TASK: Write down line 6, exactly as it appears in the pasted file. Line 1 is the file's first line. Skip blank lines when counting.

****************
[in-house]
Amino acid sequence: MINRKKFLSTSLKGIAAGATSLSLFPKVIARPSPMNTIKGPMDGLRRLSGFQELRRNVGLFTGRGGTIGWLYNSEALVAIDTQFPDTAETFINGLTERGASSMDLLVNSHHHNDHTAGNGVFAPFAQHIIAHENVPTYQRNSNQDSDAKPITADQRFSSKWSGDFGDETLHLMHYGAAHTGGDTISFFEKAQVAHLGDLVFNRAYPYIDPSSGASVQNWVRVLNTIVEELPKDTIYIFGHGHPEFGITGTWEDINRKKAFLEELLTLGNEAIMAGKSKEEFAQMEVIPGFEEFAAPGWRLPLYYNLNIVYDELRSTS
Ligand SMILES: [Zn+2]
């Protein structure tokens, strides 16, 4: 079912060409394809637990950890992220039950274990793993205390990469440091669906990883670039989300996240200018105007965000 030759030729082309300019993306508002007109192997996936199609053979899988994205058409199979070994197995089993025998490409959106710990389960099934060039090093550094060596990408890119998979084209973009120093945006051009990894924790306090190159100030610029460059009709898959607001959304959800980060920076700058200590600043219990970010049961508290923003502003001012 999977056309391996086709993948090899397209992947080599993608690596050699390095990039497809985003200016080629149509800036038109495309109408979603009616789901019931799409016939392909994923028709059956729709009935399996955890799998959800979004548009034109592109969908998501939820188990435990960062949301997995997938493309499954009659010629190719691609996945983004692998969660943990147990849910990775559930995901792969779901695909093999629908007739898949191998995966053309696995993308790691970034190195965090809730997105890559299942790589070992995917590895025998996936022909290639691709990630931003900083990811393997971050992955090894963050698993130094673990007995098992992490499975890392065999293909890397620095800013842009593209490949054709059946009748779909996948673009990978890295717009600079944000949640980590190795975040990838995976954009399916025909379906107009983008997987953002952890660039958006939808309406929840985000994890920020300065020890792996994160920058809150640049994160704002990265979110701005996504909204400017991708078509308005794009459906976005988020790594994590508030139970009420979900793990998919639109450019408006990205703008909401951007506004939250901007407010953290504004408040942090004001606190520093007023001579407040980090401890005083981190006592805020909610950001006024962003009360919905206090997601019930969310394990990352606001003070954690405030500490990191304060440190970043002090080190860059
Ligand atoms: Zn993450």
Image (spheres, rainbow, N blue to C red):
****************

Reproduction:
Image (spheres, rainbow, N blue to C red):